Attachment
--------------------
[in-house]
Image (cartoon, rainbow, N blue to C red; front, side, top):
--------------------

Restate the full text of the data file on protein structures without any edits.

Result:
[in-house]
Image (cartoon, rainbow, N blue to C red; front, side, top):